The end of custody license involves the early release of prisoners serving less than four years, 18 days before the date when they would have been released in any event. Eligible prisoners under the scheme would have been released two and a half weeks earlier than under normal circumstances. If prisoners earn good behaviour and have to be reintroduced to the community, they are released before their full term. David condemns the ‘shambolic’ early release of prisoners, criticising the ‘system's lack of ability to cope with the risk assessment of some of those released.’ He asserted that the Government has not shown themselves in the best light through their ‘inability to perform their basic duties appropriately.’ David continued that Judges should construct sentences so that there is a clear term that is going to be served and the public understand that.

As an alternative he proposed ‘there should also be an additional term that will be served if there is not appropriate behaviour on the part of the prisoner. If the system made it clear that a prison sentence of a certain duration meant precisely that.’ He affirms that the public would have ‘much more confidence in our system and would believe that justice was being done’ if this proposal was put in place. However, at the moment he ‘do[es] not believe that they have any such confidence, and the events of the past few weeks have served to undermine that confidence still further.’

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July 25: Debate on CSR and Aircraft Carriers

Speaking because he represents Royal Naval Air Station Yeovilton, David ‘warmly welcomed the announcement on the future carriers.’ He then asked the Secretary of State for Defence, Des Browne MP, if ‘a decision been taken on the future use of the existing carriers?’ He was particularly interested in ‘what assessment the Secretary of State made of the need for a second helicopter carrier to supplement HMS Ocean?’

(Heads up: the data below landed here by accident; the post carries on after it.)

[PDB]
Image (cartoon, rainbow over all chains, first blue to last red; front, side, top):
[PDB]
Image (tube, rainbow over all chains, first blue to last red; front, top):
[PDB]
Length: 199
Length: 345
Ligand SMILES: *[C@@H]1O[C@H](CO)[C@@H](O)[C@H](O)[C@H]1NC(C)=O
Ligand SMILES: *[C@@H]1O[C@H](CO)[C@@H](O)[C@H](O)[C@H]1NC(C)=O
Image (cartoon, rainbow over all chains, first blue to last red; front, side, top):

Des Browne was his normal succinct self when he said that ‘no decision has been made on the future use of the carriers’ and that he would write to David ‘on his question about another helicopter carrier.’

Financial Assistance to Industry

David intervened in Simon Hughes’ criticism of Harriet Harman’s handling of choosing the new Chairman of the Home Affairs Select Committee, rumoured to be Keith Vaz MP. David pointed out that the Committee had been going about its business without a Chairman and that it was capable of doing so while the Government engaged in due process to find a replacement.

In the last week, they quizzed the new Home Secretary on her plans for the next year. David thought it was ‘a serious bit of business, not a trivial matter, yet it was perfectly competently handled by the Committee as it stands.’ Simon Hughes agreed – ‘the Committee is served by very good officers, who are well established in their posts. It clearly decided that it did not need to wait for a change of personnel to get on with its work after the change of Government. It clearly decided that it wanted to address the major issues on its agenda, and it did so.’